1 proton with 2+ electrons

In summary, adding two electrons to a hydrogen atom would create a hydride anion, which would chemically bind with cations such as Li+. This would result in the formation of compounds such as Lithium Hydride (LiH). However, this reaction is not as simple as it seems due to the fact that free lithium does not occur naturally.
  • #1
So I was watching TV and I got to thinking. If a hydrogen atom has 1 proton and 1 electron... What element would you make if, instead of adding protons and nutron to the nucleus, you were to somehow add additional electrons to the orbitals of that single proton? Is it even possible and what effect would it have?
 
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  • #2
One proton plus two electrons is a hydride anion.
 
  • #3
The element is, by definition, given by the number of protons. The number of electrons determines which type of ion (or neutral atom) you have.
 
  • #4
The properties in general, would be that H- (the hydride anion, as noted above) would chemically bind with cations such as Li+, creating chemical compounds such as Lithium Hydride (LiH), which interestingly is the lightest ionic compound. Please note that free lithium does not occur in nature so the reaction isn't quite this trivial:
2 Li + H2 -> 2 LiH​
in which each lithium atom donates an electron to the corresponding hydrogen atom, becoming (for descriptive purposes):
2( Li+ + H- )​
which are ionically bonded as 2 LiH.
Hope this is helpful!
 
  • #5


I can provide an explanation for the scenario described. First, it is important to clarify that an atom with 1 proton and 1 electron is not a hydrogen atom, but rather a hydrogen ion, as a neutral hydrogen atom has 1 proton and 1 electron.

In theory, it is possible to add additional electrons to the orbitals of a single proton, but it would result in an unstable and highly reactive atom. This is because the number of electrons in an atom determines its chemical properties, and adding more electrons would change the atom's electronic structure and therefore its reactivity.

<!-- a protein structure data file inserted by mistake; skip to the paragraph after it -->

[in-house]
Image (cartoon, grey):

If we were to add two more electrons to the orbitals of a single proton, the resulting atom would have a 2- charge, and would be known as a hydride ion. This ion would have the electronic configuration of helium, the element directly above hydrogen on the periodic table. However, the addition of these extra electrons would cause the atom to become highly unstable and likely to react with other elements to gain stability.

Overall, while it is theoretically possible to add additional electrons to the orbitals of a single proton, the resulting atom would have different chemical properties and would likely be highly unstable. This highlights the importance of the number of protons and electrons in an atom, as it determines the element's properties and behavior.
 

What is a "1 proton with 2+ electrons"?

A "1 proton with 2+ electrons" refers to an atom of hydrogen that has lost two of its electrons, resulting in a net positive charge of two.

How does a "1 proton with 2+ electrons" differ from a regular hydrogen atom?

A regular hydrogen atom has one proton and one electron, resulting in a neutral charge. A "1 proton with 2+ electrons" has one proton and two electrons, resulting in a net positive charge of two.

What is the significance of a "1 proton with 2+ electrons"?

A "1 proton with 2+ electrons" is known as a hydrogen ion and is a key player in many chemical reactions. It is highly reactive and can easily bond with other atoms to form compounds.

How is a "1 proton with 2+ electrons" created?

A "1 proton with 2+ electrons" can be created through various processes such as ionization, where an atom loses or gains electrons, or through the breakdown of molecules in high energy environments.

What are the properties of a "1 proton with 2+ electrons"?

A "1 proton with 2+ electrons" is small in size and has a strong positive charge. It is highly reactive and can easily bond with other atoms. It also has a tendency to attract and bond with other negatively charged particles, such as electrons.

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